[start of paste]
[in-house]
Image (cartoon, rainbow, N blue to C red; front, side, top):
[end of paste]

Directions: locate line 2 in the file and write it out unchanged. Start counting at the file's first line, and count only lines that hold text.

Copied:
Image (cartoon, rainbow, N blue to C red; front, side, top):